#Configure MSK plugin
Next, we need to create a custom plugin for MSK. This custom plugin will be the MongoDB Connector for Apache Kafka. For reference, note that the connector will need to be uploaded to an S3 repository before you can create the plugin. You can download the MongoDB Connector for Apache Kafka from Confluent Hub.
- Select “Create custom plugin” from the Custom Plugins menu within MSK.
- Fill out the custom plugin form, including the S3 location of the downloaded connector, and click “Create custom plugin.”
#Create topic on MSK cluster
When we start reading the data from MongoDB, we also need to create a topic in MSK to accept the data. On the client EC2 instance, let’s install Apache Kafka, which includes some basic tools.
To begin, run the following command to install Java:
sudo yum install java-1.8.0
Next, run the command below to download Apache Kafka.
Building off the previous step, run this command in the directory where you downloaded the TAR file:
tar -xzf kafka_2.12-2.6.2.tgz
The distribution of Kafka includes a bin folder with tools that can be used to manage topics. Go to the kafka_2.12-2.6.2 directory.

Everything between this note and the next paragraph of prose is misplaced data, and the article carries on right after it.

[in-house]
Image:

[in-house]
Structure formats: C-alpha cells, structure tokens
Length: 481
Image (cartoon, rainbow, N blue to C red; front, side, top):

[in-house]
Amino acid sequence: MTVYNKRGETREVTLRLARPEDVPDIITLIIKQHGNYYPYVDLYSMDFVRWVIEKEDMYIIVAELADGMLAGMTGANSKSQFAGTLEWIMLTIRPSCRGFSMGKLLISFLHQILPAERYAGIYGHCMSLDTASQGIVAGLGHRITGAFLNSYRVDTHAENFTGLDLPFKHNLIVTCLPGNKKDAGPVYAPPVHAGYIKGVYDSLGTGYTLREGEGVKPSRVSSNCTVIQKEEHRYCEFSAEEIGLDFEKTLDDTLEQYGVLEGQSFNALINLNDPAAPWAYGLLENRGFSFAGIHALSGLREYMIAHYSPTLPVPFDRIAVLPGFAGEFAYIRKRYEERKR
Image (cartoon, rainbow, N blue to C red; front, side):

To create the topic that will be used to write MongoDB events, issue this command:
bin/kafka-topics.sh --create --zookeeper (INSERT YOUR ZOOKEEPER INFO HERE)--replication-factor 1 --partitions 1 --topic MongoDBMSKDemo.Source
Also, remember that you can copy the Zookeeper server endpoint from the “View Client Information” page on your MSK Cluster. In this example, we are using plaintext.
#Configure source connector
Once the plugin is created, we can create an instance of the MongoDB connector by selecting “Create connector” from the Connectors menu.
- Select the MongoDB plug in and click “Next.”
- Fill out the form as follows:
Conector name: MongoDB Source Connector
Cluster Type: MSK Connector
Select the MSK cluster that was created previously, and select “None” under the authentication drop down menu.
Enter your connector configuration (shown below) in the configuration settings text area.
connection.uri=(MONGODB CONNECTION STRING HERE)
Note: You can find your Atlas connection string by clicking on the Connect button on your Atlas cluster. Select “Private Endpoint” if you have already configured the Private Endpoint above, then press “Choose a connection method.” Next, select “Connect your application” and copy the mongodb+srv connection string.
In the “Access Permissions” section, you will need to create an IAM role with the required trust policy.
Once this is done, click “Next.” The last section will offer you the ability to use logs—which we highly recommend, as it will simplify the troubleshooting process.